After 8 weeks, systolic blood pressure and diastolic blood pressure (131 mm Hg and 75 mm Hg, respectively) were significantly lower than baseline levels (138 mm Hg, 80 mm Hg), whereas there were no changes in the group receiving the control powder. Blueberry consumption was also associated with improved arterial stiffness. The biggest change, however, was in nitric oxide levels. Results showed that the nitric oxide level was greater (15.35μmol/L) in the blueberry powder group at 8 weeks compared with baseline values (9.11μmol/L), whereas there were no changes in the control group.
These results show quite clearly that daily blueberry consumption may reduce blood pressure and arterial stiffness, which may be due, in part, to increased nitric oxide production.
As blueberry flavonoids exert a multitude of anti-inflammatory effects, researchers sought to determine the effect of blueberry consumption on symptoms of osteoarthritis of the knee in 63 men and women, 45-79 years of age. The treatment group received 40 g of freeze-dried whole blueberry powder that was reconstituted by adding it to 10-12 ounces of water. Each packet was 20 g; they were asked to consume 2 packets per day. Placebo powder was also in 20 g packets, to be consumed 2 packets per day. Total symptom score for osteoarthritis did not change in the placebo group, but decreased significantly in the blueberry group after two months. Pain and stiffness decreased significantly after two months and continued to decrease to the end of the study at 4 months. There were also significant improvements in gait velocity (walking speed), left and right step length, and overall stride length. Some inflammatory biomarkers lowered in the blueberry group, but did not reach statistical significance.
These results clearly demonstrate a therapeutic effect of consuming approximately 1 cup of blueberries a day over the course of four months in osteoarthritis of the knee. Undoubtedly, the blueberries impacted favorably other body tissues as well.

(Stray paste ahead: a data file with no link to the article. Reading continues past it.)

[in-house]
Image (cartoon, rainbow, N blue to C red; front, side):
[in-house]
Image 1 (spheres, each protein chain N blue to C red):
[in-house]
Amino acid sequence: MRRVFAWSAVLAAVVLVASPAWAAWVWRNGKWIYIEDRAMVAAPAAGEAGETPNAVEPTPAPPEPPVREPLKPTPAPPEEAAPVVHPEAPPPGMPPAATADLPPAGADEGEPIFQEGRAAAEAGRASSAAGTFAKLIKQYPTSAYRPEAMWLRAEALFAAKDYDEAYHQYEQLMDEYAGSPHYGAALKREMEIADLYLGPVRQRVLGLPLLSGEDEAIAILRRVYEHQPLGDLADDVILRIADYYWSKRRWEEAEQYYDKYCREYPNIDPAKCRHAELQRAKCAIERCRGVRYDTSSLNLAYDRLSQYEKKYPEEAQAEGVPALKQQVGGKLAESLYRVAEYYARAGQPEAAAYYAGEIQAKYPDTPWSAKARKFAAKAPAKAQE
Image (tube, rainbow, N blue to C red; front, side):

I do not believe blueberries are alone in these benefits on joint health. For example, the beneficial effects of cherry flavonoids have been shown in gout and procyanidolic oligomers (PCOs) from pine bark have also shown benefit in osteoarthritis. Other plant pigments are also important in fighting inflammation. Here is my takeaway from all of the research. One of my key dietary recommendations is for people to consume a “rainbow” diet; they need to focus on colorful fruits and vegetables. Regularly consuming colorful fruit and vegetables—red, orange, yellow, green, blue, and purple— provides the body the full spectrum of pigments with powerful antioxidant effects as well as the nutrients it needs for optimal function and protection against disease.
In addition to eating a rainbow diet, I also recommend taking some sort of flavonoid-rich extract on a daily basis such as blueberry, green tea, Ginkgo biloba, cherry, pine bark, or grape seed extract. And, of course, 1-2 ounce serving of dark chocolate per day or some other source of cacao flavanols is also something else I strongly endorse.
Du C, Smith A, Avalos M, South S, et al. Blueberries improve pain, gait performance, and inflammation in individuals with symptomatic knee osteoarthritis. Nutrients. 2019;11(2):e290.